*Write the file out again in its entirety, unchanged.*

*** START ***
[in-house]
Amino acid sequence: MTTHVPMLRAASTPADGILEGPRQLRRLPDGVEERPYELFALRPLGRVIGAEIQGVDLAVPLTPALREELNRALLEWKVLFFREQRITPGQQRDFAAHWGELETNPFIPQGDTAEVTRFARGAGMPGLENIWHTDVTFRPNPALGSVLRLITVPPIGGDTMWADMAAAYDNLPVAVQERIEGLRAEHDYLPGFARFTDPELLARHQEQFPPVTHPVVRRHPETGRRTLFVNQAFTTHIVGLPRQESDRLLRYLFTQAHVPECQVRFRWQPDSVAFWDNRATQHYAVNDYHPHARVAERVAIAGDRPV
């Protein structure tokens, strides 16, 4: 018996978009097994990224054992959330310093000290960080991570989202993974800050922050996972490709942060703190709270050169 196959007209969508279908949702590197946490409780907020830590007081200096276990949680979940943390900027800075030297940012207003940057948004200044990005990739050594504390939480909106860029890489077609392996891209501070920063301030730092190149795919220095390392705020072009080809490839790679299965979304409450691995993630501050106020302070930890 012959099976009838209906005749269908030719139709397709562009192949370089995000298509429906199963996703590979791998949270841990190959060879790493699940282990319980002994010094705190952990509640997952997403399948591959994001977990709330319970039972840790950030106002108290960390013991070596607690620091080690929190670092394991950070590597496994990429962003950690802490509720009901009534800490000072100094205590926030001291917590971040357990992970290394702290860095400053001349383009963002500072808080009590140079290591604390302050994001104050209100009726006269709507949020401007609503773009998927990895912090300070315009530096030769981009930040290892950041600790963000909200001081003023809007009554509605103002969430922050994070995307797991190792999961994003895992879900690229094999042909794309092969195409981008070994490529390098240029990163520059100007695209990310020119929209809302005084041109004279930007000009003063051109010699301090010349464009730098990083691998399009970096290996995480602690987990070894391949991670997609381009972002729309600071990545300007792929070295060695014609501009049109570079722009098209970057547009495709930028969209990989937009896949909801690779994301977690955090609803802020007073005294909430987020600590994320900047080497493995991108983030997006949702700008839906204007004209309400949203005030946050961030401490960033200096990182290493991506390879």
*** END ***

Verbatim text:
[in-house]
Amino acid sequence: MTTHVPMLRAASTPADGILEGPRQLRRLPDGVEERPYELFALRPLGRVIGAEIQGVDLAVPLTPALREELNRALLEWKVLFFREQRITPGQQRDFAAHWGELETNPFIPQGDTAEVTRFARGAGMPGLENIWHTDVTFRPNPALGSVLRLITVPPIGGDTMWADMAAAYDNLPVAVQERIEGLRAEHDYLPGFARFTDPELLARHQEQFPPVTHPVVRRHPETGRRTLFVNQAFTTHIVGLPRQESDRLLRYLFTQAHVPECQVRFRWQPDSVAFWDNRATQHYAVNDYHPHARVAERVAIAGDRPV
């Protein structure tokens, strides 16, 4: 018996978009097994990224054992959330310093000290960080991570989202993974800050922050996972490709942060703190709270050169 196959007209969508279908949702590197946490409780907020830590007081200096276990949680979940943390900027800075030297940012207003940057948004200044990005990739050594504390939480909106860029890489077609392996891209501070920063301030730092190149795919220095390392705020072009080809490839790679299965979304409450691995993630501050106020302070930890 012959099976009838209906005749269908030719139709397709562009192949370089995000298509429906199963996703590979791998949270841990190959060879790493699940282990319980002994010094705190952990509640997952997403399948591959994001977990709330319970039972840790950030106002108290960390013991070596607690620091080690929190670092394991950070590597496994990429962003950690802490509720009901009534800490000072100094205590926030001291917590971040357990992970290394702290860095400053001349383009963002500072808080009590140079290591604390302050994001104050209100009726006269709507949020401007609503773009998927990895912090300070315009530096030769981009930040290892950041600790963000909200001081003023809007009554509605103002969430922050994070995307797991190792999961994003895992879900690229094999042909794309092969195409981008070994490529390098240029990163520059100007695209990310020119929209809302005084041109004279930007000009003063051109010699301090010349464009730098990083691998399009970096290996995480602690987990070894391949991670997609381009972002729309600071990545300007792929070295060695014609501009049109570079722009098209970057547009495709930028969209990989937009896949909801690779994301977690955090609803802020007073005294909430987020600590994320900047080497493995991108983030997006949702700008839906204007004209309400949203005030946050961030401490960033200096990182290493991506390879």